Library which allows for pattern matching in C#
C#
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ExampleConsole
PatternMatching
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PatternMatching.sln
README

README

well-guarded
============

well-guarded is an attempt to bring pattern matching to C#. While there are a few
.NET languages that already support pattern matching, it is one thing that is 
lacking in C#. This is an attempt to gracefully bring it to C#


How it works
============

well-guarded uses closures,delegates (in the form of Func<T>) and operator overloading to bring
the experience of pattern matching to the C# language. By inheriting from the Guard class and then 
providing your own delagates that close over the variables that you are test, you will be able to mimic
pattern matching. Examples are to follow.

Requirements
============
This is created in Visual Studio 2010 and .NET 4.0, however, it can run on .NET 3.5 It will
not run on any .NET version before that since it uses Func<T> which was introduced in .NET 3.5 

Licensing
=========
This is licensed as BSD (modified). If you end up using this, it would be super cool if you could let me know. I
would love to be able to list people/projects that use this library.


Examples
==========

For an example I will use create a little parser that will turn a string into either a number class or character class.
First we setup the classes:


public interface IType {
    object GetValue();
}

public class Number : IType {
    private int val;

    public Number(int value) {
        val = value;
    }

    public object GetValue() {
        return val;
    }
}

public class Character : IType {
    private char val;

    public Character(char value) {
        val = value;
    }
    
    public object GetValue() {
        return val;
    }
}


Now we have to define our Guard, so we will inherit from the WellGuarded.Guard class:


public class LanguageGuard : Guard
{
    public LanguageGuard(Func<bool> pred, Func<object> act)
    {
         Predicate = pred;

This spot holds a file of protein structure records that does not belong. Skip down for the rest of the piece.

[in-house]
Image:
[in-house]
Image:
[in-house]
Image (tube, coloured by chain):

Action = act;
    }
}



From there we can go ahead and use our new Guard and pattern match!


static void Main(string[] args) {
    List<IType> tokens = new List<IType>();
    string testString = "This is the test string5235";
    
    // iterate character by character 
    foreach(char c in testString) {
        // create conditional to check if int
        Func<bool> intCheck = () => {
            return char.IsDigit(c);
        };

        // Action to perform if the conditional is true
        Func<object> intAction = () => {
            return new Number(int.Parse(c));
        };

        // create condition to check if character (defined here as not digit)
        Func<bool> charCheck =  () => {
            return !char.IsDigit(c);
        }

        // create action to handle the character
        Func<object> charAction = () => {
            return new Character(c);
        }
          
        // create our guards
        LanguageGuard intGuard = new LanguageGuard(intCheck,intAction);
        LanguageGuard charGuard = new LanguageGuard(charCheck,charAction);

        // now pattern match
        Guard result = intGuard | charGuard;
        
        // check to make sure one of the results was true
        if(result != null) {
            // call the action and add to the token list
            tokens.Add((IType)result.Action.Invoke());
        }
    }
}


That is all there is to it. There is some setting up, but once everything is setup, you can have pattern matching in C#.